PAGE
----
He liked what he saw, and Barnhouse’s Crazy Music Store reopened at Parkade Center in January.
Gakinya said having the community college at Parkade has also contributed to a livelier atmosphere.
“As a result of the school expanding on the lower level, we expanded and added more retail space and office space,” he said. “You have little cliques of study sessions going on, so that’s great to see the space being used in ways like that.”
While on break from class one evening, MACC student Brittany Keith, peered at the storefront of Karma Care, which has a sign in the window advertising its holistic counseling services. “I mainly just explore when we’re on breaks, and I just think all the shops are pretty cool,” she said.
Gakinya said he hopes to bring more events to the center through the Plaza Event Center, which targets business meetings, corporate events and weddings. He hired an events coordinator last year to help manage the planning process.
For weddings, the main level of the mall is transformed into a banquet hall with long curtains lining the walls to block out storefront windows and doors. Parkade has hosted about 16 weddings in the past year, but Gakinya said his goal is to have one every weekend.
Malls hurt by online competition, enclosed atmosphere
Redeveloping mall business models or repurposing mall space is becoming an imperative for older shopping centers across the country. More shoppers making purchases online and the architecture of enclosed malls is becoming less appealing, so malls must adapt to the shift in shopping patterns among consumers to stay viable, business professors at the University of Missouri said.
“The whole idea of the mall was shutting out the outdoors and now people are sort of wanting the outdoors,” said Peter Bloch, a professor of marketing at MU who has researched consumer behavior in shopping malls. “So much of the mall development now is going to be more outdoor-focused.”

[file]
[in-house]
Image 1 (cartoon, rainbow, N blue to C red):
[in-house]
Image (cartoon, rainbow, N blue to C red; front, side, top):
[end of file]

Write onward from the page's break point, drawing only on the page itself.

Revitalized malls also have a better chance of succeeding if they are located in healthy economies without an oversaturated retail market, Bloch said.
“There’s places, in some of the rust belt malls, that are just in some really declining areas of town, and they’re just going to be demolished I imagine,” he said.
Green Street Advisors said malls with high productivity and the ability to attract new stores when leases expire could see several years of solid net operating income growth.
“It boils down to the mall, the local economy, who the owners are and if they are financially in good shape that they can reinvest and reinvigorate the property,” said Donald Meyer, an assistant professor who teaches retail marketing at the University of Missouri.
The Columbia Mall, now nearly 30 years old, is still bringing in new stores as leases expire. It opened an H&M in September, and is preparing to open a Charming Charlie later this year.
Meyer said the vitality of shopping centers like Parkade and the Columbia Mall is also a reflection of Columbia’s recovery from the financial crisis that occurred in 2008. The city continues to grow about 2 percent every year and has the state’s lowest metropolitan unemployment rate for years.
But as for repurposing “dead” malls, the professors said success depends on the local economy and if developers can reposition the mall to offer something that doesn’t have to compete with a saturated retail climate.
“There are malls that are using the space, which is perfectly usable — you’ve got great parking, you’ve got great access — and they’re putting in art museums and amphitheaters and community colleges and libraries and job training centers,” Meyer said.
Bloch added, “If the whole area has gone down and they’re just kind of caught up in the downdraft of that, then they’re not going to be able to repurpose it. Unless maybe if the city puts in flu clinics or something.”
Gakinya said because he’s targeted certain types of businesses that fit Parkade’s new, revised model, he no longer considers the Columbia Mall direct competition.
“We’re totally different beasts,” he said.